The Final Battle of Sherman and Johnston

By Nathaniel Cheairs Hughes Jr.

360 pp., 6.125 x 9.25, 23 halftones, 9 maps, appends., notes, bibl., index

  • Paperback ISBN: 978-0-8078-5784-7
    Published: August 2006
  • eBook ISBN: 978-0-8078-6216-2
    Published: November 2000

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The battle of Bentonville, the only major Civil War battle fought in North Carolina, was the Confederacy's last attempt to stop the devastating march of William Tecumseh Sherman's army north through the Carolinas. Despite their numerical disadvantage, General Joseph E. Johnston's Confederate forces successfully ambushed one wing of Sherman's army on March 19, 1865 but were soon repulsed. For the Confederates, it was a heroic but futile effort to delay the inevitable: within a month, both Richmond and Raleigh had fallen, and Lee had surrendered.

About the Author

Nathaniel Cheairs Hughes Jr. is author, coauthor, or editor of many books, including The Battle of Belmont: Grant Strikes South and The Life and Wars of Gideon J. Pillow (both from the University of North Carolina Press). He lives in Chattanooga, Tennessee.
For more information about Nathaniel Cheairs Hughes Jr., visit the Author Page.


Bentonville is a well-paced, readable book that places the engagement within the context of the Carolinas Campaign. The author’s extensive footnotes and bibliography evince years of dedicated research on the topic and the maps are models of clarity. . . . . This book helps rectify that long neglect of campaigns and battles of the western theater.”--Journal of Southwest Georgia History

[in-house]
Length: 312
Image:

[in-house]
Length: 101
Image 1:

"Hughes's narrative, . . . reviewing the leadership of Johnston and Sherman and the conduct of their subordinates, is a model of its kind."--Journal of American History

"Well researched and ably written. . . . Advanced pupils will certainly learn much from this book."--KLIATT

"One of the best accounts yet of this vicious fight."--Civil War

“A well-written, comprehensive account of the last gasp of Johnston’s army.”--Historian

"The definitive work on the battle of Bentonville."--Journal of Southern History